Effect of Cavitation Regimes on Stepped Diesel Injectors
Sykes, David Michael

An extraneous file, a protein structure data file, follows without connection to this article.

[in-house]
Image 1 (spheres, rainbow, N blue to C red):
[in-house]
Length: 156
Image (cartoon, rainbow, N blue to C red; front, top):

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The objective of this work was to determine the effects of different cavitating flow regimes on a stepped orifice geometry relevant to diesel injectors. Conventional diesel orifice geometries consist of a single tapered or straight circular passage. The geometry used in this work had two circular passages in series: a first orifice that was similar to conventional geometries and a second larger orifice immediately downstream that induced cavitation. The large orifice served to stabilize the flow, allowing for different flow regimes to exist at the exit plane of the large orifice (single-phase, intermittent bubbly, bubbly, annular, etc.). A series of experiments was conducted at room temperature with injection pressures up to 8.5 megapascal (MPa), ambient pressures of up to 798 kilopascal (kPa), and using both water and dodecane as working fluids. Internal and external visualizations were conducted along with measurements of discharge coefficient, spray angle, and representative droplet sizes for both conventional and stepped geometries. It was discovered through experiments that the different types of two phase flows at the exit plane gave rise to four distinct spray regimes for the stepped geometries and that the operating regime was controlled primarily by the cavitation index. Regime 1 (single phase) provided almost no atomization, near zero spray angle. Regime 2 (intermittent bubbly) provided spray angles up to 55°, and very large droplet sizes. Regime 3 (bubbly flow) provided a decreasing spray angle and droplet size. Regime 4 (annular flow) provided a consistent spray angle of 14° and smaller droplet sizes in the range tested. Spray angles for the conventional geometry were measured consistently at 7°. Droplet sizes for the conventional geometry were also much more consistent over the range of parameters tested than for the stepped geometries. It was shown that the stabilization owed to the large orifice effected the spray parameters dramatically depending on regime. The experimental measurements were compared to computational calculations using established models for two phase flow, phase interaction, and cavitation. It was calculated that the increase in spray angle in Regime 2 and decrease in spray angle in Regime 3 corresponded to an increase followed by a decrease in turbulence intensity. Additionally, it was calculated that the initial rapid decrease followed by asymptotic decay in droplet size corresponded to the initial rapid increase followed by asymptotic increase in turbulent kinetic energy at the exit plane. It was concluded that the changing bubble density and phase distribution created by using the stepped geometry led to changing turbulence levels at the exit plane and ultimately dictated spray angle and droplet size. It was acknowledged that this turbulence augmentation worked in conjunction with other factors such as aerodynamic, surface tension, and velocity profile relaxation effects to ultimately determine spray parameters; however, the induced turbulence from the different flow regimes appeared to be the most significant driving force.